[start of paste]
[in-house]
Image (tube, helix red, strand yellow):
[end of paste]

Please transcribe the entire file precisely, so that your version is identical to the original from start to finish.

[in-house]
Image (tube, helix red, strand yellow):